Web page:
Many industries and companies have made great strides in what is considered acceptable and unacceptable for employees to work in recent years.
Starbucks, for example, began allowing employees to dye their hair brightly colored a few years ago, while Walmart recently announced that it would begin testing a policy that would allow employees to wear any solid-colored shirt or blue jeans. to work.
However, one industry has maintained strict dress codes, especially the widespread ban on visible tattoos while wearing a uniform: the airline industry.
Virgin Atlantic took an important step this week to allow flight attendants to have visible tattoos while on the clock, including body art on their face, neck and hands.
The historic decision makes Virgin the first UK-based airline to rescind its non-tattoo policy, marking a change that could set a precedent for other airlines in the future.
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“At Virgin Atlantic, we want everyone to be themselves and know that they belong,” says Estelle Hollingsworth, Virgin Atlantic’s director of people. “Many people use tattoos to express their unique identities, and our uniformed, customer-oriented colleagues should not be excluded from doing so if they want to. That’s why, according to our focus on inclusion “By defending individuality, we are relaxing our tattoo. Restrictions on all of our people. We are proud to be the airline that sees the world differently and allows our people to be truly themselves.”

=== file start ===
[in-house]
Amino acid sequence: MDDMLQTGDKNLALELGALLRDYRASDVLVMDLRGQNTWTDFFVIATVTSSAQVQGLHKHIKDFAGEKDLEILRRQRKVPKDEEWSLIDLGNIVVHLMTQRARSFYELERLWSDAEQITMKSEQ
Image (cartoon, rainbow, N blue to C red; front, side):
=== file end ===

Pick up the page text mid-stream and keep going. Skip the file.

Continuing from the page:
Airline uniforms are unorthodox to begin with, famous for their bright red tones for female crew members and a soft burgundy version for men.
Virgin Atlantic joins the United States airline to allow the tattoos to be visible during the clock after United reviewed its policy last spring.
The caveat, however, is that visible tattoos must be smaller than the employees’ work badge.
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Most other major U.S. airlines, including JetBlue, American Airlines, and Delta, do not allow flight attendants to have visible tattoos while in uniform.
Dubai-based Emirates Airlines also has a strict policy against visible tattoos while working.
Virgin Atlantic had a bad time during the pandemic, as the international airline was very successful due to travel restrictions and other Covid-19 related setbacks in the industry, and the company introduced protection against the bankruptcy of Chapter 15 in the summer of 2020.
Still, things appear to be on the rise for the airline after a strong first quarter of 2022, and flight levels are expected to return to pre-pandemic levels later this summer.
The airline is expected to go public this year.